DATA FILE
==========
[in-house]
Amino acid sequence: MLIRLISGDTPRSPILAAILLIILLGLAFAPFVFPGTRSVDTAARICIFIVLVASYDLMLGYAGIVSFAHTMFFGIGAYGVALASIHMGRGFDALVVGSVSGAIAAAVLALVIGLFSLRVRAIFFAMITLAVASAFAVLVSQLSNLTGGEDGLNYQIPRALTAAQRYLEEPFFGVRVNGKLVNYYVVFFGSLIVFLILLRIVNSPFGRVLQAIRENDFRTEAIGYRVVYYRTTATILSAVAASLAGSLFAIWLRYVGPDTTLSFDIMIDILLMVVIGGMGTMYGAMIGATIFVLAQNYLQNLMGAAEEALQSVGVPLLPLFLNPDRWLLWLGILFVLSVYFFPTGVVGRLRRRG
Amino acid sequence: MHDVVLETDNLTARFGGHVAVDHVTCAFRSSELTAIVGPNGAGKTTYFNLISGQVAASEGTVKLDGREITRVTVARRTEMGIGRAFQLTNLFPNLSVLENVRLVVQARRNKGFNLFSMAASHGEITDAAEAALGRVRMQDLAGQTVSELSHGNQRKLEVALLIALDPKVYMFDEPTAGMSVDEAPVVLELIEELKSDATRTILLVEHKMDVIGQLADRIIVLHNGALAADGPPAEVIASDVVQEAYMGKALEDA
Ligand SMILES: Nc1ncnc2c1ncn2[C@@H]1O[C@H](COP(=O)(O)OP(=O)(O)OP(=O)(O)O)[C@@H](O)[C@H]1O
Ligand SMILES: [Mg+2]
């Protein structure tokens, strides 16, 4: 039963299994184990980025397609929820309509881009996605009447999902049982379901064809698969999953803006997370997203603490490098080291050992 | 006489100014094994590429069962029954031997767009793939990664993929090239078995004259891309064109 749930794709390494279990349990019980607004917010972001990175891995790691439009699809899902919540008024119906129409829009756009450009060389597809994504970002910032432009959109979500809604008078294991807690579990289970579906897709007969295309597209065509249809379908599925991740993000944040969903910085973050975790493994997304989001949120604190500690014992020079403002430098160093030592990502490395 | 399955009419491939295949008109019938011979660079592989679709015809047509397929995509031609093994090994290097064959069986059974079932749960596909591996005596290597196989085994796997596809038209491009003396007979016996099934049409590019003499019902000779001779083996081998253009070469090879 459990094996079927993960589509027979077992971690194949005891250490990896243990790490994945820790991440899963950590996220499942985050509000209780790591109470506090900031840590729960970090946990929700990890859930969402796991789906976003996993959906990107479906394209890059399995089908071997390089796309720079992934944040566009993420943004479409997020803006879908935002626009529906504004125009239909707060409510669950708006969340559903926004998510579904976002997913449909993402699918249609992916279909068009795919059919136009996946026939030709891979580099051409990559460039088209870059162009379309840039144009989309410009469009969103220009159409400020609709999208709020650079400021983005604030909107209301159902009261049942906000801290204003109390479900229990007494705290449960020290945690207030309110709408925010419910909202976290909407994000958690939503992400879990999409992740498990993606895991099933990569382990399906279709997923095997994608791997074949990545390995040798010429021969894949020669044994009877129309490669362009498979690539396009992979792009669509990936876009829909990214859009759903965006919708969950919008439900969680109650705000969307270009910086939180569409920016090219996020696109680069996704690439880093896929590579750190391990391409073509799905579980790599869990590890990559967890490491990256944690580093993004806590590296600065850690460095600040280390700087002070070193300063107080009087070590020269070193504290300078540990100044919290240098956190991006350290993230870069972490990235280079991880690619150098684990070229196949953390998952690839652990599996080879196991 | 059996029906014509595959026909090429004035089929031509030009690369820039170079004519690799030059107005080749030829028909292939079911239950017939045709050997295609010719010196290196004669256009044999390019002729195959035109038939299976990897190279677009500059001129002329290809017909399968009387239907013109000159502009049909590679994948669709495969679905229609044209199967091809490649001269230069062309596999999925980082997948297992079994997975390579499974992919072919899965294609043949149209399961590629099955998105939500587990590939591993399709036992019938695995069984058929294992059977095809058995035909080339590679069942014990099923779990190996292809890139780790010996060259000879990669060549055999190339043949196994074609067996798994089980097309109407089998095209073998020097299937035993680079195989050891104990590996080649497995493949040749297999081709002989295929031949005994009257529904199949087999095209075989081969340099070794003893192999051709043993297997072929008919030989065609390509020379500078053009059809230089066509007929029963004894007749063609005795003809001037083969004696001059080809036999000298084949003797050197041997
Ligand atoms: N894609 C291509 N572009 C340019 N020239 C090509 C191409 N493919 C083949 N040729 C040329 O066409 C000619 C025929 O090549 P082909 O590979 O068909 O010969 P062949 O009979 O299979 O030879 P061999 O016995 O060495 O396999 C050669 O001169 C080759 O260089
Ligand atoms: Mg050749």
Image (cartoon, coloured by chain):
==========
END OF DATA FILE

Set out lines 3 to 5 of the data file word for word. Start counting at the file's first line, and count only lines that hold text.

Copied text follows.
Amino acid sequence: MHDVVLETDNLTARFGGHVAVDHVTCAFRSSELTAIVGPNGAGKTTYFNLISGQVAASEGTVKLDGREITRVTVARRTEMGIGRAFQLTNLFPNLSVLENVRLVVQARRNKGFNLFSMAASHGEITDAAEAALGRVRMQDLAGQTVSELSHGNQRKLEVALLIALDPKVYMFDEPTAGMSVDEAPVVLELIEELKSDATRTILLVEHKMDVIGQLADRIIVLHNGALAADGPPAEVIASDVVQEAYMGKALEDA
Ligand SMILES: Nc1ncnc2c1ncn2[C@@H]1O[C@H](COP(=O)(O)OP(=O)(O)OP(=O)(O)O)[C@@H](O)[C@H]1O
Ligand SMILES: [Mg+2]